48 Walker Street; Tuesday–Saturday, 10 a.m.–6 p.m.

Kaufmann Repetto

The gallery was a longstanding facet of the Milan art scene, originally under the sole auspices of Francesca Kaufmann until Chiara Repetto came on as a partner in 2010, and the gallery moved to a new location in the Italian city. The female-focused lineup boasts names like Andrea Bowers, Simone Fattal, Eva Rothschild, and Candice Breitz (as well as star of the moment Nicolas Party). It opened a Chelsea outpost in 2013 and moved to Tribeca this year, in a 3,000-square-foot space.

55 Walker Street; Tuesday–Saturday, 10 am–6 pm

SFA Advisory

The art advisory firm run by Lisa Schiff was founded in 2002, and operates a space in West Hollywood as well as New York, which opened in 2019. Schiff is a longstanding denizen of Tribeca, and when she opened up the new space she added a concept store and showroom.

45 White Street, Monday–Friday, 10 a.m.–6 p.m.

The Journal Gallery

The 15-year-old gallery run by Michael Nevin and Julia Dippelhofer rebooted itself in 2019 with a new space in Tribeca and a new web platform cheekily called “Tennis Elbow.” 

45 White Street; Monday–Sunday, 12 p.m. – 6 p.m. 

R & Company

Co-founded by Evan Snyderman and Zesty Meyers, the gallery is a stalwart of Tribeca (with the exception of a brief stint in Brooklyn), and features pop-up shops and installations of contemporary and vintage design.

64 White Street; Monday–Friday, 11 a.m.–6 p.m.

Andrew Kreps

The eponymous gallery was founded in 1996. It spent 20 years in Chelsea before moving to Tribeca in September 2019 and opening an additional project space in the neighborhood, at 55 Walker Street. The gallery recently added some important artists to its roster, including Camille Blatrix and the estate of Sister Corita Kent.

Postmasters Gallery

Dealers Magda Sawon and Tamas Banovich moved Postmasters from its original home in the East Village to Soho to Chelsea and finally to Tribeca, in 2013. The gallery promotes and exhibits work that toes the line between new media technologies and visual art.

54 Franklin Street; Tuesday–Saturday, 11 a.m.–6 p.m.

The Untitled Space

Indira Cesarine opened the Untitled Space in 2015 and has created a strong program highlighting the work of women artists, including an impressive garden of Eden-themed presentation at New York’s SPRING/BREAK Art Show back in March.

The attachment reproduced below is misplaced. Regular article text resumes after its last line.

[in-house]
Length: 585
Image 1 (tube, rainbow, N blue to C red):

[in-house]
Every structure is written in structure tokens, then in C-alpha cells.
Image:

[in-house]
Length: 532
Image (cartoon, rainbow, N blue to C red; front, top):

45 Lispenard Street; Tuesday–Saturday, 12 p.m.–6 p.m.

Queer Thoughts

Directors Luis Miguel Bendaña and Sam Lipp began the gallery in a small apartment in Chicago and, after earning rave reviews at NADA New York in 2015, made the move to New York that year.

373 Broadway #C9; Tuesday–Saturday, 12 p.m.–6 p.m.

Chart Gallery

Dealer Clara Ha, who was previously a partner at Paul Kasmin Gallery, opened the space in May 2019. At the time she told Artnet News that her aim was to present a “collaborative platform” that encouraged dialogue between artists and the public.

74 Franklin Street; Tuesday–Saturday, 10 a.m.–6 p.m.

Kerry Schuss

The formerly named KS Art gallery rebranded itself but continues to serve up a multi-generational, multi-media program that features both established artists and those considered “outsider” artists, who are self-taught and often previously overlooked.

73 Leonard Street; Tuesday–Saturday, 12 p.m.–6 p.m.

Ortuzar Projects

The brainchild of Ales Ortuzar, who opened the space in 2018, the gallery aims to promote artists from beyond the United States and introduce them to a New York audience.

9 White Street; Tuesday–Saturday, 10 a.m.–6 p.m.


A non-profit art venue founded by Steven Rand in 1994, the space is focused on fostering artists through residencies, open-call programs, book publishing, and public events.